One particular painting Peg went to work on to donate is what she named “Knock Knock Knockin’ On Heaven’s Door.” The 36” x 36” painting was created for and donated to the Avery Humane Society to honor Marti Huizenga, who passed away in 2017. A dedication of the painting took place at the humane society building in Newland on July 17 in memory of Huizenga and her support of the shelter.

The painting depicts a number of animals that are starting their journey to heaven. Included are two of Huizenga’s favorite pups. The remainder, bear excluded, all belonged to local individuals met during the creation of the painting.

Huizenga, and her husband, H. Wayne Huizenga, who died in March 2018, had a home at Diamond Creek in Banner Elk. They were a strong philanthropic team and financial contributors to several North Carolina worthy causes. They were a team. But, the need for an Avery County Humane Shelter became very important to Marti and her crusade began.

Peg told in detail of the panting from its origination to completion with the following comments. “I had used the 36”x 36” canvas as a surface to paint and repeatedly re-paint different scenes and different techniques as a learning experience. I hung it on the wall in my bedroom across from the foot of my bed. I stared at it every day and night. I textured the canvas and glazed it with some soft Tuscan Sienna paint.

“I had traveled Italy several times during my cooking days and stayed in a small villa there that offered an arched red door and a red shuttered window at the front. I loved that house. No matter what I painted and painted over, the little villa always remained on my bedroom wall and in my heart. I knew I wanted to use it in “Knock Knock Knockin’ On Heaven’s Door”.

“It wasn’t until the passing of Marti (Huizenga) that I finally realized what I wanted to do to finish the painting. I wanted it to show pets waiting to make their own journey to Heaven. I just didn’t envision pearly gates. It was the pretty, red arched door at the Italian villa that gave me that inspiration. I wanted the door to always be open and welcoming, with an offering of treats for along the way. Through the open window shutters and in the clouds is Marti as she watches over all of her furry kids. And yes, she actually called them her kids.”

The lobby of the Avery Humane Society Animal Shelter in Newland

Peg added how she determined the name of the Huizenga painting, “For those who may wonder about the painting’s name, it has absolutely nothing to do with the 1973 Bob Dylan song. I just liked the sound of the title and knew it could convey my vision and Marti’s beliefs. Foremost, she was a devoted Christian who believed in the afterlife and all that Heaven has to give.

“Marti was truly a driving force in the creation of the Avery Humane Society. It was her ‘pet’ in every sense of the word. Coming to Banner Elk during the summer along with so many of her friends and acquaintances, she tirelessly and without pause, raised record funds from within the gated communities for the shelter. She spearheaded benefits that included all who wanted to see the shelter come to fruition. There were not many people who said no to Marti Huizenga.”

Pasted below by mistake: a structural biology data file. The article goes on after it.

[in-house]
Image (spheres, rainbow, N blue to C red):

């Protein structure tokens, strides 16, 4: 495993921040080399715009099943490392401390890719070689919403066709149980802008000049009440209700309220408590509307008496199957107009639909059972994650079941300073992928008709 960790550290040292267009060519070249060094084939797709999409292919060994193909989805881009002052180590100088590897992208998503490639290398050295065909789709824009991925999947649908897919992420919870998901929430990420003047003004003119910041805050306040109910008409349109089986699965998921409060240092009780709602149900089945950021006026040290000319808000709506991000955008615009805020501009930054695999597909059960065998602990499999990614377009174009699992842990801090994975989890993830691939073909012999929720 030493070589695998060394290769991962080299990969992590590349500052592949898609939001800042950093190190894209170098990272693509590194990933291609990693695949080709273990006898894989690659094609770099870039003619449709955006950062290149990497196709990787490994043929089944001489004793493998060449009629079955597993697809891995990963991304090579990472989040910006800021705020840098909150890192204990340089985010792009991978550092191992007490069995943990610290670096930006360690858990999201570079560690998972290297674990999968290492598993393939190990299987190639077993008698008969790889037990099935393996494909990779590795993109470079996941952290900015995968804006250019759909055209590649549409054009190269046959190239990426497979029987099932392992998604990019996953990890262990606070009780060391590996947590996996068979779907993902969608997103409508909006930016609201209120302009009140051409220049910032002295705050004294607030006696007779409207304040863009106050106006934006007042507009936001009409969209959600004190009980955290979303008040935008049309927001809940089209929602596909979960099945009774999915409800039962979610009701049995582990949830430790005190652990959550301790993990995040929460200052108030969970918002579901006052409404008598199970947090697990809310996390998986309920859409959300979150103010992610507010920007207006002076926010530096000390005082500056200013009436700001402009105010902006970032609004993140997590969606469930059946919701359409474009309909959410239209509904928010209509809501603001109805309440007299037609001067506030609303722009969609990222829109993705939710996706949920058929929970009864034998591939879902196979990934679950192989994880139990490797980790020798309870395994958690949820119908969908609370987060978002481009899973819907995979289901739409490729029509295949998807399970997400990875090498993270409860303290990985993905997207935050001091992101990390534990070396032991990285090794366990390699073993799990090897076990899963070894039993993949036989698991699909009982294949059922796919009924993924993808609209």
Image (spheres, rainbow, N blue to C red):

Humbled by her painting remaining on display at the Humane Society, Peg gave the following note of appreciation in conclusion: “As its artist, I am proud that “Knock Knock Knockin’ On Heaven’s Door” was accepted and placed by the Avery Humane Board of Directors in the front lobby of the shelter for all to enjoy,” she said. “When folks see the painting, I wanted them to feel that their furry friends have gone on to a happy and welcoming place where they will be forever cared for. I purposely left a bit of room to add pets that may have been lost. Any of the Humane Society’s employees can put those individuals in contact with me who want to discuss honoring their pet by adding it to the painting.

“The Avery Humane Society was built on a foundation of love, tenacity and total commitment. It currently is in the hands of a devoted staff, volunteers and a very capable board of directors. I am honored to be a small part of it.”

The Avery County Humane Society is located at 279 Vale Road in Newland. It is open Monday-Saturday from 10 a.m. to 4:00 p.m. and Sundays from 12:00 noon to 4:00 p.m. (adoptions only during these times).  For more information or to donate to the Avery Humane Society, call (828) 733-2333 or log online to averyhumane.org. You can also reach Peg Carino directly by calling her at 828-260-9399.


Avery Humane Society Animal Shelter in Newland


Examples of art work by Peg Carino

Small portion of “Caroline’s Carolina Cabin”. Private home Playroom, Elk River Club.

Curious raccoon eyes a tasty cupcake. Playroom private home Elk River Club

2018….Clients 8 year old grandson and his favorite presidents. Playroom, private home, Elk River Club.

Clients granddaughter off to Summer Camp, 2018. Painted on wall of Playroom, private home, Elk River Club.

Shore Leave “The Godwin Kids”


“Maura’s Day” Decorative Table-top box

Small portion of 4×8 portable canvas mural. MacQueen Family History

Child’s ROOTIN’ TOOTIN’ Adirondack Bench

Tea Party Rocker